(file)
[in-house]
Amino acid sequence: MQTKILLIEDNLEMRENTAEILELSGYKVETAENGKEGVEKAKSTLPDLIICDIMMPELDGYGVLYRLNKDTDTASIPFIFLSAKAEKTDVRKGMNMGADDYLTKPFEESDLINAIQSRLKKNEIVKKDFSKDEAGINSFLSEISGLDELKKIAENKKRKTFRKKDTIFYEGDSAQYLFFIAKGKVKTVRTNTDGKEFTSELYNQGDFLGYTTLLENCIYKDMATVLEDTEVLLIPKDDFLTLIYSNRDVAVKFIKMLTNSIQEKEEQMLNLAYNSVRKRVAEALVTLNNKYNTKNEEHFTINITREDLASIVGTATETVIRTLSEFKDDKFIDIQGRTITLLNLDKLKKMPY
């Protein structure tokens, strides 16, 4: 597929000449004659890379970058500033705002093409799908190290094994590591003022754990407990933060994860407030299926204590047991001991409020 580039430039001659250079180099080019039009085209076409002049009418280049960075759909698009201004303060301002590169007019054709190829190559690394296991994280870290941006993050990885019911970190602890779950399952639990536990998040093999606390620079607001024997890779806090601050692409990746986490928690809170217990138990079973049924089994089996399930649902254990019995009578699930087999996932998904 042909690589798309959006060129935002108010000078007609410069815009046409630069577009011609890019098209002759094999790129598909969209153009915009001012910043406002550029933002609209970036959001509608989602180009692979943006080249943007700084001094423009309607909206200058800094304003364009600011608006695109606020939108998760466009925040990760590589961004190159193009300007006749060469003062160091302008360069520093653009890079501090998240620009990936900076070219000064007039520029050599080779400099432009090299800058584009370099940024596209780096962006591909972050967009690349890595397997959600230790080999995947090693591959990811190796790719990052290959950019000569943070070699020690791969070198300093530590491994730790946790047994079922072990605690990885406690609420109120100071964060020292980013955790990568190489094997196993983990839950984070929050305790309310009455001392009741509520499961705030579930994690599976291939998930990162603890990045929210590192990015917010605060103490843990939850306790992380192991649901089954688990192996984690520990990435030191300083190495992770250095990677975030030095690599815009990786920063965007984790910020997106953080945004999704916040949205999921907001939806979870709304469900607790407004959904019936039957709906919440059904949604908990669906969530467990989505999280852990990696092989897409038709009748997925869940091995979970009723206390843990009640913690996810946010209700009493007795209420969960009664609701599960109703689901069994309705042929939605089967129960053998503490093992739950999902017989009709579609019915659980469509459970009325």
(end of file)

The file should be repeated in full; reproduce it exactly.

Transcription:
[in-house]
Amino acid sequence: MQTKILLIEDNLEMRENTAEILELSGYKVETAENGKEGVEKAKSTLPDLIICDIMMPELDGYGVLYRLNKDTDTASIPFIFLSAKAEKTDVRKGMNMGADDYLTKPFEESDLINAIQSRLKKNEIVKKDFSKDEAGINSFLSEISGLDELKKIAENKKRKTFRKKDTIFYEGDSAQYLFFIAKGKVKTVRTNTDGKEFTSELYNQGDFLGYTTLLENCIYKDMATVLEDTEVLLIPKDDFLTLIYSNRDVAVKFIKMLTNSIQEKEEQMLNLAYNSVRKRVAEALVTLNNKYNTKNEEHFTINITREDLASIVGTATETVIRTLSEFKDDKFIDIQGRTITLLNLDKLKKMPY
């Protein structure tokens, strides 16, 4: 597929000449004659890379970058500033705002093409799908190290094994590591003022754990407990933060994860407030299926204590047991001991409020 580039430039001659250079180099080019039009085209076409002049009418280049960075759909698009201004303060301002590169007019054709190829190559690394296991994280870290941006993050990885019911970190602890779950399952639990536990998040093999606390620079607001024997890779806090601050692409990746986490928690809170217990138990079973049924089994089996399930649902254990019995009578699930087999996932998904 042909690589798309959006060129935002108010000078007609410069815009046409630069577009011609890019098209002759094999790129598909969209153009915009001012910043406002550029933002609209970036959001509608989602180009692979943006080249943007700084001094423009309607909206200058800094304003364009600011608006695109606020939108998760466009925040990760590589961004190159193009300007006749060469003062160091302008360069520093653009890079501090998240620009990936900076070219000064007039520029050599080779400099432009090299800058584009370099940024596209780096962006591909972050967009690349890595397997959600230790080999995947090693591959990811190796790719990052290959950019000569943070070699020690791969070198300093530590491994730790946790047994079922072990605690990885406690609420109120100071964060020292980013955790990568190489094997196993983990839950984070929050305790309310009455001392009741509520499961705030579930994690599976291939998930990162603890990045929210590192990015917010605060103490843990939850306790992380192991649901089954688990192996984690520990990435030191300083190495992770250095990677975030030095690599815009990786920063965007984790910020997106953080945004999704916040949205999921907001939806979870709304469900607790407004959904019936039957709906919440059904949604908990669906969530467990989505999280852990990696092989897409038709009748997925869940091995979970009723206390843990009640913690996810946010209700009493007795209420969960009664609701599960109703689901069994309705042929939605089967129960053998503490093992739950999902017989009709579609019915659980469509459970009325």